As a whole, changing all of this stuff in a very short period of time turned out to be not as scary as I feared (had to happen quickly so there wasn’t a lot of time for fear!) and was a great opportunity to learn, expand my skill set and refine a lot of the things that I was dying to improve upon from the first couple of issues of Stunters Edge Magazine and the Stunters Edge website.

More detailed posts coming soon about various aspects of this redesign.

Thanks for reading!


New (Old) Items Added to Galleries

March 16, 2010 by · Leave a Comment 

I’ve been going through some archives looking for pieces that I thought turned out well or are some of my favorites.

Here are the new items added to the Graphic Design, Digital Illustration and Identity galleries:

(Just a hint… always take a few minutes to archive your projects as you go so you can find them later. I’m still looking for a lot of things I remember but can’t find. Bummer.)

What Do You Mean You Can’t Make It Bigger?

March 1, 2010 by · Leave a Comment 

If you’ve worked in design for very long (or worked with designers) you’ve no doubt made this face!

One of my goals with this blog is to speak to both designers and clients and attempt to address some of the problems that come up in the client/designer relationship.

One of the first and most common issues that comes to mind is the use of images. More specifically, the issue of what images the client has and what the designer wants and needs from the client.

Following are a few facts about digital images in layman’s terms. (And I’m not just talking to clients here either. I’ve worked with plenty of young designers who do not yet fully grasp the concepts.)

Images can be either Raster Based or Vector Based.

Raster based images are created using a grid of pixels to define the image. Each pixel is assigned a color value and all of the pixels together create the image. To increase the size of a raster based image, the pixels defining the image can be increased in either number or size. Increasing the number of pixels or making the pixels bigger in an image results in the original data being spread over a larger area. Spreading the pixels over a larger area causes the image to begin to lose detail and clarity as seen below.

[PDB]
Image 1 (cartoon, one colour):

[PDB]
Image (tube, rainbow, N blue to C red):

You may notice if you look at the information on the file that the file is XX dpi. DPI means Dots Per Inch. Most printing is done at 300 dpi. Most web images are 72 dpi. (For all intents and purposes, 72 dpi is as small as you should go.)

Raster files handle the subtleties of photographs very well as a general rule and can be very large if there is a large amount of detail and pixels in an image.

Raster based images, as a general rule, are created in a program like Photoshop. Common file formats will be .jpg, .png, .gif, .psd, .eps and .tif

Vector based images, on the other hand, are created by using mathematical equations to define the shapes and points of the image. If the image is increased in size, the equation is recalculated accordingly resulting in the image increasing in size with no loss of data or detail. As a result, dpi is not a factor with vector based images. In theory, your image could cover a skyscraper without a loss of clarity or quality.

Vector files sound like the way to go then right?

Unfortunately, vector programs do not handle photographs as well as a general rule. Photographs are still raster based and it takes an extensive amount of time and effort (budget often becomes a factor here) to recreate a photo as a vector. (Though it can be done! Look at some of the people here.)

Vector based images are generally created in a vector program like Illustrator. Common file formats will be .ai, .pdf or .eps.

(For even more detail than you probably want to know, see this post: Vector vs. Raster.)

Now that we have that out of the way, what does this mean to you?

For clients:

This means that if you have an image that is a 3″ x 5″ .jpg at 300 dpi on your computer, you have a raster file. If you want this file to be an 11″ x 17″ poster, you’re most likely going to be out of luck no matter how talented your designer. As stated above, increasing the image more 10% or so (not big enough for your poster) spreads the pixels over a larger area and will result in a significant decrease in quality.